A massively wealthy gambler plays for dangerously high stakes. RICHARD PHILLIPS-JONES on the Thriller episode, Where The Action Is.
TITLE: Thriller – Where The Action Is
BROADCAST: 8 February 1975
STARRING: Edd Byrnes, James Berwick, Ingrid Pitt, Trevor Baxter
WRITER: Brian Clemens
DIRECTOR: Don Leaver
Where The Action Is REVIEW
Gambler Eddie Vallance (Byrne) finds himself being chatted-up by Ilse (Ingrid Pitt) at a casino. Going back to her room for a nightcap, he finds it’s been drugged and he is carried away by two male accomplices.
Vallance awakens at the remote mansion of Ilse’s benefactor, extremely wealthy gambling-addict “Daddy” Burns. Apparently looking for thrills beyond those offered at the casinos, he has a penchant for having fellow high-rollers brought to his abode to take part in games with the highest of stakes.
A clear example manifests itself to Vallance in the form of Burns’ butler/servant Winters (Baxter), for it transpires that his services were “won” by Burns to pay his gambling debt.
Still, these stakes are not enough for Burns, who (as a pre-credits sequence reveals) has taken a liking for games of life or death, and Vallance has been chosen for his latest wager.
Vallance looks for a possible way out, but it’s hard to work out who he can trust. Ilse, however has indicated that she is a mercenary type, more than happy to switch sides to whoever is in a winning position…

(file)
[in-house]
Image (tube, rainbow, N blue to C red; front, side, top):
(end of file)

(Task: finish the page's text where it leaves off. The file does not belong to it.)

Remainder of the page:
Stylistically, Where The Action Is harkens back to the ITC shows of earlier days: It wouldn’t have been out of place as a story for Danger Man (aka Secret Agent, 1960-68) or The Saint (1962-69), and like John Drake (Patrick MacGoohan) or Simon Templar (Roger Moore) in those respective shows, there’s never any real doubt in the viewers’ mind that Vallance will make it through to the end credits in one piece.
With that in mind, it’s debatable whether Where The Action Is really qualifies as a “thriller” in the classical sense, but it can’t be accused of being short on tension. The final act, where Vallance and Burns face each other across a poker table (with Ilse as the dealer) makes for an enjoyably taut climax, like all the best card games in the movies (think of the superior spaghetti westerns).
Where The Action Is provided a somewhat left-field close to Thriller’s fourth batch of stories. It had perhaps not been as consistent as the outstanding third series, but that was always going to be a hard act to follow.
Regardless, Thriller was still one of the best things on TV at the beginning of 1975. There was no question of a fifth run, which would swiftly follow that April.
TRIVIA NOTES: It’s worth noting that this was the first series of Thriller that Brian Clemens had entirely written himself, with no outside assistance. During this period, the prolific writer was also preparing (with Dennis Spooner) a comedy pilot for ATV (What A Turn Up) and contributing scripts to the BBC for Quiller (1975).
Where The Action Is proved to be Ingrid Pitt’s last screen appearance for six years. She returned to TV for the BBC2 Playhouse production, Unity in 1981.
A link to Clemens’ earlier work: Director Don Leaver had been a regular on The Avengers up to 1966. His career would see him working on many of the most popular TV shows of the time, including two episodes of Hammer House Of Horror (1980).
The US TV-Movie version was retitled The Killing Game, with the lead actor credited as Edd ‘Kookie’ Byrnes, referencing the role in 77 Sunset Strip (1958-63) which he clearly hadn’t shaken off for American viewers.
The alternative credits on this later version were refreshingly restrained, and thankfully didn’t give the game away too much.